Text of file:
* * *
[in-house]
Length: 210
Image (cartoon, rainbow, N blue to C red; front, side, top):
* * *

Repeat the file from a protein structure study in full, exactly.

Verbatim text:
[in-house]
Length: 210
Image (cartoon, rainbow, N blue to C red; front, side, top):